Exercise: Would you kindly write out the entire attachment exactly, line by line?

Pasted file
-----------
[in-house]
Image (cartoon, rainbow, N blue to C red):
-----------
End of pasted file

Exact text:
[in-house]
Image (cartoon, rainbow, N blue to C red):